Chinese rocket falling to earth, NZ in its path

This picture from July 2020 shows a Long March 5 rocket carrying the Tianwen-1 Mars probe lifting off from the Wenchang Space Launch Centrein southern China's Hainan Province. Photo: Guo Cheng/AP

A 30-metre long, 21-tonne stage of a Chinese Long March 5B rocket, with an orbit that takes it over New Zealand, is falling to Earth.

The rocket was launched last week, carrying the first module of China’s space station into orbit.

The station module successfully entered its planned orbit, but the core stage of the rocket is now also in orbit and expected to make an uncontrolled re-entry in the next week.

The core stage is about 30m long and 5m wide, Space News has reported. Its orbital inclination means it reaches as far south as Wellington and southern Chile and a little to the north of New York and Beijing.

The core could make its re-entry at any point within that area.

Much of the rocket section is likely to burn up in the intense heat created as it enters the Earth’s atmosphere, but given the size of the segment some debris could make it to the ground.

While any debris that does make it through will most likely fall into the ocean or onto areas of uninhabited land, it is possible some could fall over inhabited areas.

It is impossible to predict where or when the debris will hit the Earth, and variations of just a few minutes could change the re-entry point by thousands of kilometres.

US government-funded research organisation The Aerospace Corporation has predicted re-entry will be about 1pm on May 10 over an area well out in the South Pacific Ocean, but the prediction has leeway of 41 hours before or after the chosen time.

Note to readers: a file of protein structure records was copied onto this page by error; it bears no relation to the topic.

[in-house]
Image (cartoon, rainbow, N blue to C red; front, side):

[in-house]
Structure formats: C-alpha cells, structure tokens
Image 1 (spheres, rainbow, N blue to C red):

Live Science has reported the core has been picked up on ground-based radar, tumbling through orbit. The US military has designated the object 2021-035B.

A year ago debris from another Long March 5B rocket core came crashing back to Earth.

That time re-entry of the 17.8-tonne rocket segment happened over the Atlantic Ocean off the west coast of Africa, but only 15 minutes after it had been directly over New York city.

Some debris was reported to have crashed into inhabited villages in West Africa but there were no reports of anyone being hurt.

The last time a heavier object made an uncontrolled re-entry was in 1991, when the 39-tonne Salyut-7 Soviet space station re-entered over Argentina.

The biggest uncontrolled re-entry was of the 69-tonne Skylab in 1979, with debris landing over Western Australia and the Indian Ocean.

-Stuff/Michael Daly.

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1 Comment

What goes up...

Posted on 05-05-2021 12:50 | By morepork

Wouldn’t you think that people who have the technology to launch such an object, would also have the technology to ensure it is safely destroyed or landed when it has served its purpose?

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